Photo Explains Why Japan's Moon Lander Isn't Talking

It landed upside down, and its solar panels aren't getting juice from the sun
By John Johnson,  Newser Staff
Posted Jan 25, 2024 1:12 PM CST
Japan's Moon Lander Wasn't Supposed to Land Like This
This image provided by the Japan Aerospace Exploration Agency shows the Smart Lander for Investigating Moon, or SLIM, on the moon. The craft is upside down.   (JAXA/Takara Tomy/Sony Group Corporation/Doshisha University via AP)

The good news is that Japan landed a spacecraft on the moon, making it only the fifth nation to accomplish the feat. The bad news is that the SLIM craft landed upside down, on its nose, reports The glitch explains why mission controllers in Japan have been unable to communicate with the Smart Lander for Investigating Moon—its solar panels are facing the wrong direction thus not receiving juice from the sun. Japan has shut down the craft but hopes to revive it in about a week when the sun will be shining from a different direction and onto the panels, per the New York Times.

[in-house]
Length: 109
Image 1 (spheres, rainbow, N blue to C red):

Even with the landing miscue, the mission is far from a bust: The very fact that the photo exists is proof of that. It was taken by one of two small robots that deployed from the descending craft, as planned. So what happened? The BBC reports that one of two big thrusters on SLIM failed as it was approaching the moon. An onboard computer scrambled to adjust for the loss of thrust on half the craft, and it managed to do so enough to avoid a catastrophic collision. Even though SLIM did go upside down, it landed only about 180 feet from the target spot, which is remarkably precise. (More Japan stories.)

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